The Residents' first album of entirely new material in five years is being greeted as a return to the pop format explored on previous albums such as Duck Stab and (the aptly titled) The Commercial Album. However, a few listens to Demons Dance Alone make it readily apparent that when discussing the phenomenon known as the Residents, labels like "pop" and "commercial" are relative terms. The world's most mysterious band (do they really have any competition?), to those not familiar with their copious body of work, are currently celebrating their 30th year of confounding audiences all the while keeping their identities a secret.
This much we know: after migrating to San Francisco from Shreveport, Louisiana in the early '70s, the band began composing music in tandem with their filmmaking ventures and the eventual founding of the Cryptic Corporation management company. They never revealed their identities, instead opting to disguise themselves in not only their most famous guise of giant eyeballs with tuxedo tails and top hats, but also suits constructed of newspapers, grim reaper outfits, asbestos suits, and in recent years (due to the theft of an eyeball) a single skull mask. While they've never fit in with any particular movement -- not socially relevant enough to be lumped in with counterculture icons yet (somewhat) kindred spirits Zappa and Beefheart, not virtuostic enough to be considered progressive rock, and just too artsy to be entirely embraced by punk and new wave (despite a blistering and irreverent cover of the Stones' "Satisfaction" in 1977) -- they have forged their singular vision immune to trends and fads. So the news that the current album was written in the wake of the events of September 11th and may reveal a more personal side to the band was nothing short of unprecedented. Again, however, the world of the Residents follows its own peculiar logic.
The disc is split into two parts: I. Tongue (divided into three further sections, A. Loss, B. Denial, and C. Three Metaphors) and II. Demons Dance Alone. While the seven songs comprising Loss are more sparsely arranged and slower paced than the rest of the album, and it may be appropriate to call them introspective, don't expect them to contain commentary on current events. While "Life would be Wonderful" expresses a longing to "visit with some memories I made once upon a time", it still manages to incorporate a mouse named Norman who lived in a sock. "Caring" is likewise about burying one's father but it also features a poodle named Pooh (it's good to see that the band's affinity for goofy names is still intact). The songs make more use of guitar than we've come to expect from the increasingly technology-oriented tricksters and some of the tracks are so underdeveloped as to be minimalist. A lovely female voice (you weren't actually expecting names?) handles the vocals on a number of tracks, beginning with "The Weatherman". While her voice is agreeable, its suitability can be questionable; the incongruity between the warped sensibility of the music and the prettiness of her voice can simply be too great. The remainder of the vocals belong to the same damaged male Southern drawl that we've had three decades to get used to. "Caring" makes use of an interesting arrangement featuring horns and overdriven guitar, while "Honey Bear" employs a somewhat funky beat suggesting that perhaps the Residents aren't completely immune to current trends. "Neediness" is a plaintive cry for an unspecified need laid over an impressively jazzy guitar and a trumpet melody before building to a harrowing crescendo.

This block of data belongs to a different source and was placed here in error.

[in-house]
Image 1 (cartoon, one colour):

Denial consists of slightly more typical Residents fare. Songs are punctuated by outbursts of freakish abandon, and characters such as Mickey Macaroni play more prominent roles. "Thundering Skies" opens the movement with a melody played on what sounds like a Jew's harp and "Mickey Macaroni" turns out to be one of the disc's better songs, relying on a vintage organ and employing a duet with either a very young boy or a female with a voice more suited to the material at hand. Three Metaphors continues the upbeat tone, but the lyrics once again turn insightful. "Make Me Moo" may simultaneously be one of the goofiest and most affecting songs the Residents have ever recorded. They deviate somewhat from their usual couplets that make Noel Gallagher look like Shakespeare, instead intoning, "Why can't I be a cow / Anyhow / Cows never cry" in a heartbreaking childish voice.
The album's final track (and the entire second movement) is the eponymous "Demons Dance Alone". Ever cryptic at first glance, the song could easily be a comment on current events ("I had hoped to fill my years with / More than melancholy tears / But the demon makes me dance alone") but on closer inspection appears more likely to be an observation on more personal choices ("Knowingly I followed it / Took the hook and swallowed it / But then I found it dancing in my home"). Regardless of the album's source of inspiration, the mere fact that the Residents have added a personal element to their music -- besides being unexpected -- also adds an entirely new dimension to their work.
Listening to a Residents album is an experience not unlike watching a David Lynch film. Both can be maddeningly opaque, thoroughly engaging, and wholly unlike anything else you've ever encountered. In a musical landscape populated by sub-genres within sub-genres ad infinitum, it can be a somewhat disquieting experience to find you have virtually no landmarks by which to gain your bearings. However, if you enjoy a good bit of aural disorientation from time to time, look no further. The world's most mysterious band has just become a bit more accessible and that can only be a good thing.